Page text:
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ROS-dependent activation of RhoA/Rho-kinase in pulmonary artery: Role of Src-family kinases and ARHGEF1

Research output: Contribution to journalArticle

Original languageEnglish
Pages (from-to)316-331
JournalFree Radical Biology and Medicine
Volume110
Early online date1 Jul 2017
DOIs
Accepted/In press29 Jun 2017
E-pub ahead of print1 Jul 2017
PublishedSep 2017

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Abstract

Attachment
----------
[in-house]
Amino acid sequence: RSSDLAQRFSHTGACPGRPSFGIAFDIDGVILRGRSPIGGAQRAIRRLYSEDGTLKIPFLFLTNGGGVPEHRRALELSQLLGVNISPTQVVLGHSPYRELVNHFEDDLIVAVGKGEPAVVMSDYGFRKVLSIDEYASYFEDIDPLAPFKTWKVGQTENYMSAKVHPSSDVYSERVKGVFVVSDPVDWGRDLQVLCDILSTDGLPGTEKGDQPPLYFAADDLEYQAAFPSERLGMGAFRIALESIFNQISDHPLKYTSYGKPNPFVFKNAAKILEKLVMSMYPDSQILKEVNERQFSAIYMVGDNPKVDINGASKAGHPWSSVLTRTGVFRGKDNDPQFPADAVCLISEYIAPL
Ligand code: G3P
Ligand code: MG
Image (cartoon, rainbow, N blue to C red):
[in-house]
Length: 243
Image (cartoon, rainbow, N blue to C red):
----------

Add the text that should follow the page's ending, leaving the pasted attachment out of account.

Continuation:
The role of reactive oxygen species (ROS) in smooth muscle contraction is poorly understood. We hypothesised that G-protein coupled receptor (GPCR) activation and hypoxia induce Rho-kinase activity and contraction in rat intra-pulmonary artery (IPA) via stimulation of ROS production and subsequent Src-family kinase (SrcFK) activation. The T-type prostanoid receptor agonist U46619 induced ROS production in pulmonary artery smooth muscle cells (PASMC). U46619 also induced c-Src cysteine oxidation, SrcFK auto-phosphorylation, MYPT-1 and MLC20 phosphorylation and contraction in IPA, and all these responses were inhibited by antioxidants (ebselen, Tempol). Contraction and SrcFK/MYPT-1/MLC20 phosphorylations were also inhibited by combined superoxide dismutase and catalase, or by the SrcFK antagonist PP2, while contraction and MYPT-1/MLC20 phosphorylations were inhibited by the Rho guanine nucleotide exchange factor (RhoGEF) inhibitor Y16. H2O2 and the superoxide-generating quinoledione LY83583 both induced c-Src oxidation, SrcFK auto-phosphorylation and contraction in IPA. LY83583 and H2O2-induced contractions were inhibited by PP2, while LY83583-induced contraction was also inhibited by antioxidants and Y16. SrcFK auto-phosphorylation and MYPT-1/MLC20 phosphorylation was also induced by hypoxia in IPA and this was blocked by mitochondrial inhibitors rotenone and myxothiazol. In live PASMC, sub-cellular translocation of RhoA and the RhoGEF ARHGEF1 was triggered by both U46619 and LY83583 and this translocation was blocked by antioxidants and PP2. RhoA translocation was also inhibited by an ARHGEF1 siRNA. U46619 enhanced ROS-dependent co-immunoprecipitation of ARHGEF1 with c-Src. Our results demonstrate a link between GPCR-induced cytosolic ROS or hypoxia-induced mitochondrial ROS and SrcFK activity, Rho-kinase activity and contraction. ROS and SrcFK activate RhoA via ARHGEF1.

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